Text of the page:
by Mike Masnick
Tue, Mar 6th 2012 11:24am
by Mike Masnick
Wed, Feb 15th 2012 1:03pm
MPAA: Ripping DVDs Shouldn't Be Allowed Because It Takes Away Our Ability To Charge You Multiple Times For The Same Content
from the um,-wow dept
Effectively, the MPAA is arguing that there is no evidence that ripping a DVD itself is legal, and since anti-circumvention exemptions are only supposed to be for legal purposes, this exemption should not apply. Leaving aside the sheer ridiculousness of the fact that we need to apply for exemptions to make legal acts legal (I know, I know...), this is quite a statement by the MPAA. While it's true that there hasn't been an official ruling on the legality of ripping a DVD, the fact that CD ripping is considered legal seems to suggest that movie ripping is comparable.
But the bigger point is that the MPAA is arguing that because they offer limited, expensive and annoying ways for you to watch movies elsewhere, you shouldn't have the right to place shift on your own:
Copyright owners include with many DVD and Blu- Ray disc purchases digital copies of motion pictures that may be reproduced to mobile devices and computers pursuant to licenses. Blu-Ray disc purchasers can also take advantage of "Managed Copy" services that are scheduled to launch in the U.S. later this year. Movie distributors and technology companies are also making available services such as UltraViolet, which enables consumers to access motion pictures on a variety of devices through streaming and downloading. Many movies and television shows are also available online through services such as Comcast Xfinity, Hulu and Netflix, or websites operated by broadcasters or cable channels, which consumers can enjoy from any U.S. location with internet access. With all of these marketplace solutions to the alleged problem PK points to, it is unlikely that the presence of CSS on DVDs is going to have a substantial adverse impact on the ability of consumers to space shift in the coming three years.Notice that almost all of these "market solutions" mean you have to pay multiple times for the same content -- and they ignore the fact that these offerings are all very limited and may not have the content on the DVDs people have. Public Knowledge has a quick summary of how these "solutions" are not solutions at all:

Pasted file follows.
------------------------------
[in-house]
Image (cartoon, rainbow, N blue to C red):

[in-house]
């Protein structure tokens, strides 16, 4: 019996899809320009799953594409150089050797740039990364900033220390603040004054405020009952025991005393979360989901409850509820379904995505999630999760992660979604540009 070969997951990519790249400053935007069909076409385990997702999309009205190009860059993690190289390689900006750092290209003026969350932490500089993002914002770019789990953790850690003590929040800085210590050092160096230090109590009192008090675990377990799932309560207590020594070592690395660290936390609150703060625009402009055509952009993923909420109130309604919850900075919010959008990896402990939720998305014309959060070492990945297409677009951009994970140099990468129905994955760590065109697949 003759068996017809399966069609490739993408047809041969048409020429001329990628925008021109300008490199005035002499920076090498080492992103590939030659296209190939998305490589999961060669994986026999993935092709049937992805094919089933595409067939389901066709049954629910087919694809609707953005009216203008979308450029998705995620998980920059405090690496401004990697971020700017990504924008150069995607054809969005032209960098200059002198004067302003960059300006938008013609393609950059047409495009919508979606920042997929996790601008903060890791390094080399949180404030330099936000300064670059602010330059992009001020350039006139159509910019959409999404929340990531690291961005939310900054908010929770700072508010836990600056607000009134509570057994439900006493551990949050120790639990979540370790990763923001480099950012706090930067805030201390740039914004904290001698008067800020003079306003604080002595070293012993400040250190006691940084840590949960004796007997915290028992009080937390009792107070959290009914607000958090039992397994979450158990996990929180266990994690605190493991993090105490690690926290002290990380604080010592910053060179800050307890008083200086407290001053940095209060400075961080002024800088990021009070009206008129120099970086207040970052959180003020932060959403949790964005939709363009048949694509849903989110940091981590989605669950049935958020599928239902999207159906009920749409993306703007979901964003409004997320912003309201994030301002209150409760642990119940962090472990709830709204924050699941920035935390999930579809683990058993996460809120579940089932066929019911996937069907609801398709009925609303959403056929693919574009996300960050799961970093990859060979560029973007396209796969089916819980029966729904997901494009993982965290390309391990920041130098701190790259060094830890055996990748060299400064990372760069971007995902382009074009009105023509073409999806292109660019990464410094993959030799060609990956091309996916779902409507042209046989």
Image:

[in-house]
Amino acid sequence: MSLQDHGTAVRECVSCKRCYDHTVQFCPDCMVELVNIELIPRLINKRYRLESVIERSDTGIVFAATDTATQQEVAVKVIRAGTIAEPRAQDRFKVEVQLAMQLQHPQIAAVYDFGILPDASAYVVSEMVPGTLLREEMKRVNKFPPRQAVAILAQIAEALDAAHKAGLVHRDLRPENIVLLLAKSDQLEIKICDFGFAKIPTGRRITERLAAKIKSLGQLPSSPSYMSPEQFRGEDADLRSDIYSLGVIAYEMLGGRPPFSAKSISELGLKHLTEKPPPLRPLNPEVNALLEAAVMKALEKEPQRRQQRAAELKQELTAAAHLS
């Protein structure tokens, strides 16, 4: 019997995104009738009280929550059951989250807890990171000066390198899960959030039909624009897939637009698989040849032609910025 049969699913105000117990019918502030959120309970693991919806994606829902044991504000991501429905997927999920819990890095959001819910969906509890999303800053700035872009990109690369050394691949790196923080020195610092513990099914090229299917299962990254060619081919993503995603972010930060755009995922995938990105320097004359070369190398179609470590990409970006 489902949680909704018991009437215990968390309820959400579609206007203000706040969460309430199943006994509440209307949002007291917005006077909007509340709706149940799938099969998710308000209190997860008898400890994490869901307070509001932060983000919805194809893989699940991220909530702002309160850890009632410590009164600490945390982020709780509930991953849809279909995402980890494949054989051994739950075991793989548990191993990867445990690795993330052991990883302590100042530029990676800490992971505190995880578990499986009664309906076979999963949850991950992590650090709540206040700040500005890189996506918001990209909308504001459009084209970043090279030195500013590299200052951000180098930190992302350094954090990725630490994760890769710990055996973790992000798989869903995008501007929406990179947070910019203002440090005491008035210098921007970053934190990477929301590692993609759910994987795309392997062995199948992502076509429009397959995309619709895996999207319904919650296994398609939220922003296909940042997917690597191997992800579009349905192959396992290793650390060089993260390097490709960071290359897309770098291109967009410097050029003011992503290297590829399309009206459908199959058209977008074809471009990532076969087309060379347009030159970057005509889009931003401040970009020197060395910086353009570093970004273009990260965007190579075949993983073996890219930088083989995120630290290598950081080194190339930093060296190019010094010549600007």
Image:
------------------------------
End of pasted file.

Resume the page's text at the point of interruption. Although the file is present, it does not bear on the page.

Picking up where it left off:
The MPAA had two specific suggestions. First, consumers could re-purchase access to a subscription service such as Netflix of Hulu. They did not dwell on the fact that 1) this would require you to pay again to access a movie you already own; 2) these services require a high speed internet connection in order to work; 3) There is a reasonable chance that the movie you own is not available on any of those services at any given time; and 4) MPAA member studios regularly pull videos that were once available on those services off of those same services.When you think about it, this is really quite crazy. They're saying because they offer you an option to pay for a way too expensive, very limited option that might not really exist, you shouldn't have the right to rip your DVDs. This would be like the recording industry claiming you can no longer rip CDs because they offer a limited locked down selection of music in an online store. People would revolt at such a claim, and they should find the MPAA's ridiculous claims here equally as revolting.
The MPAA’s second suggestion was even less helpful. In their comments, they pointed to Warner Brothers’ DVD2Blu program. This program allows people to use their existing DVDs as a coupon towards the purchase of a handful of Warner Blu-Ray disks. They did not dwell on the fact that 1) this program is limited to Warner Brothers films; 2) the program is limited to 25 exchanges per household; 3) while some Blu-Ray disks include digital copies that can be moved to other devices, it is unclear how many of the disks in the DVD2Blu program include that option; 4) only 100 movies are included in the entire program; and 5) each exchange costs at least $4.95 plus shipping (which, for the record, is about as much as it would cost to buy the digital file from Amazon.).
If the MPAA stopped there, it would be crazy enough... but no, in the mind of Hollywood, they have to take it even further. They claim that because the ability to rip your DVD might take away their ability to keep charging you for the same content over and over again, that it goes against the purpose of copyright law. Seriously. They're actually claiming that their ridiculous "windows" are "new business models" that copyright law is designed to encourage:
In fact, granting PK’s proposed exemption would be directly counter to the purpose of this rulemaking. It would undermine emerging business models that increase access to creative works in precisely the manner Congress intended the DMCA to promote.But that's pure bullcrap. The business models in question do not "increase access." They increase the ways in which you can pay. If they want to increase access, they would let you rip your damn movie.
It is clear that access controls have increased consumers’ options with respect to motion pictures in digital formats. The Register should not interfere with that progress. Instead, she should endorse it.Up is down, black is white, day is night. Controls have increased consumer options? No freaking way. Controls have limited options... but have allowed the MPAA studios to set up tollbooths and charge people multiple times for content they legally had purchased the rights to.
by Mike Masnick
Wed, Feb 1st 2012 7:01am
from the sign-up-now dept
Mon, Dec 5th 2011 10:06pm
from the please-sir,-may-I-have-some-rights dept